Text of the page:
I was looking at the Dakine packs this weekend and I don't necessarily see anything special about them. Maybe you Dakine owners could fill me in on what I am overlooking. Most of the "day packs" out there are half way decent. Kelty seems to have a number of decent ones as do Mountainsmith. Thing to remember is to find a pack that will do what you want it to do, basically carry all that you need to take. I just bought a Jansport Polaris 33 model. It is a 2000ci day pack that has a built in hydration system. It will carry all that I need to carry, maybe more. One of the more important aspects in a pack for me is to get one that has compression straps so that you can pull your pack load closer to your body, and not have the pack just hanging on your back. Make sure it fits good too, not like a book bag you used to use in high school.
The one thing you will know when you wear one is how comfortable they are, it almost feels like they are not there.
Now a 2000 c.i. pack is a little big. I have a large Dakine Heli-Pro, which is 1100 c.i., my wife wears a small Heli-Pro which is 900 c.i. We both have more than enough room with survival food, emergency shelter, etc. Then you add shovel, probe, climbing rope, and still have room left. So I can not imagine a 2000 c.i. pack, that is just about enough room to go backpacking for a weekend, with food and clothes
The Dakine's are just well designed for their intended uses, which is snow sports. They have external shovel pockets, the handle and probe goes in the loops on the sides, they do have load compression straps, daisy chain to attach snow shoes, climbing gear, etc. the little pocket on the hip belt is great. Hydration system ready, comes with straps to carry ski's or snowboard, great back pad, ec. These packs are designed for a specific purpose, which is close to our need, mountain riding since we carry basically the same gear as a backcountry skier or snowboarder and need a light, tight fitting pack since we are moving around just as much. We use the same packs for backcountry skiing and climbing.
Now I really do like Mountainsmith packs, they are very well designed for their intended uses, which is backpacking, epedition, etc. The only pack that Mountainsmith has which comes close to snowmobile use is the Boogeyman which is a summit pack, and has no provisions for a shovel, probes, etc. It does have a ice axe loop but no daisy chain.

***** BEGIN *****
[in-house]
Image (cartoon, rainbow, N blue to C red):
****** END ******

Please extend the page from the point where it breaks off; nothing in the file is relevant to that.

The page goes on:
Now if you are not a mountain rider, disregard.
Our sleds and my wife with her Dakine Heli-Pro in north of McCall, ID
Thanks for the reply KGMZ. Your right, a 2000ci is probably a little big, but it doesn't mean I have to take full advantage of all 2000ci. It is considered a daypack, and could be used for longer extended trips. To me, it seems as if they are taking into consideration the hydration compartment in that size. I have all of the fancy stuff as well, daisy chains, ski pockets with ski/pole loops, side compression straps........... I was just curious as to why so many that have chimed in on this topic primarily use the Dakine pack. My primary choice was a Kelty, but I settled for the Jansport becuase I only paid $55 for it at a local outdoorsman place that was going out of business. I've only been to one Dakine retailer in my area as well, Kelty and North Face are in numerous stores in my area. With fit being the biggest concern, like you said, "...like they are not there." My pack feels like that as I am a large framed guy at 6'5" and some of the smaller packs actually feel bothersome to me when I wear them, like the camel backs or platypus combo packs. I just wondered why Dakine so much 'cause when I go snow skiing it is primarily Kelty that I see.
Hey, how often do you get over to McCall? You said north of McCall, would that be going up towards the Burgborf/Warren area? I've always wanted to go up towards there, and plan to this year. Anyways that "area" is where I plan on doing 90% of my riding, as I have a back woods "cabin", (Northeast of Donnelly actually near Jughandle) that can only be gotten to by sled in the winter...........hmm, maybe that is why I bought such a large pack......lots of overnight stuff.
Since you are a big guy, I can see your point. It would be like me trying to wear a 8 year olds little school backpack.
We try to get to the McCall area a couple of times a winter for almost a week each time. Both the wife and I really like the area, and would like to move there. And will stop for a few days on our way to Yellowstone and Jackson Hole each winter. I have attached a map with a note where the pic was taken.
Oh yes, Brundage mountain. You seemed a little "high up" in that picture. I was going to mention Brundage but I didn't think there was much in the way of riding up there, just snow skiing. Hey, if you aren't too sure about the Burgdorf, Warren area, just take Warren Wagon road in McCall that follows Payette Lake. You turn North by the newly remodeled Shore Lodge Motel, and go North. The road goes back about 10-12 miles and then the county stops plowing the road. That is where the snow park is. Unload the sleds and you are off. There is a lot of pretty country back there. I've gone back there in the summer, but not in the winter. Hopefully this winter I will be able to go in there.
As for Brundage, I here there is a decent amount of snow up there already. Should be ready to open by Thanksgiving.
Hey folks, your on line look around at some of the clearances at web sites. The clearances are usually about half the price of the local counter sales. I picked up a Heli Pro II for $30. The best prices I found through local dealers was $60. I have also seen packs by Kelty, and several other manufacturers.
Try SierraTrading, Cabela's, or the Sportsman's Guide for starters.
Good luck and Safe Riding
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